My husband is still driving, even though it’s been 17 months since I last blogged about “When Is It Time to Give Up the Car Keys,” and I reported how on a road test he had just squeaked past the minimum score required to keep his license. In that time he hasn’t had an accident or been pulled over for any kind of moving violation. Whenever we’re going someplace together, I drive. He doesn’t drive at night and he rarely drives anywhere that he hasn’t been before. The few times I have been with him, the only problem I’ve noticed is that he doesn’t always notice speed limit signs and tends to drive under, rather than over the limit. (This IS a warning sign.) He seems to have learned from the things the person testing him warned him about.
Alzheimer’s Association Positions
That my husband is doing so well—so far—seems to support the Alzheimer’s Association positions that:
- A diagnosis of Alzheimer’s disease is never by itself a sufficient reason for loss of driving privileges.
- They do not support mandatory reporting as a solution to the driving and dementia issue because it can have unintended consequences, including an unwillingness for individuals to seek early diagnosis; risk to the relationship between the physician and patient; and even an unwillingness of physicians to appropriately diagnosis Alzheimer’s disease. California and some other states do require reporting a probable diagnosis to the DMV.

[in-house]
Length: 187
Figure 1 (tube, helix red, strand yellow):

- They recommend that the person with dementia, along with his or her family and friends, are educated about the need to plan and address the issue of driving with dementia.
Normal Aging vs. Dementia
Normal aging does cause physical problems that may affect driving, such as diminished visual and auditory acuity, slower reflexes and lack of flexibility. However, we all age at different rates, and even the onset of dementia occurs differently in every affected person. Dementia patients have additional deficiencies in perception and visual processing; ability to pay attention for extended periods of time; ability to respond to multiple stimuli at once; ability to make correct judgments (such as which drivers have the right of way); and ability to react appropriately when pressured in a traffic situation. Studies have shown that even though people in the early stages of dementia may be capable of driving under normal conditions, they have difficulty responding to new or challenging circumstances, and they are also at risk to becoming lost while driving. As dementia progresses into the middle stages, the ability to drive safely becomes highly compromised.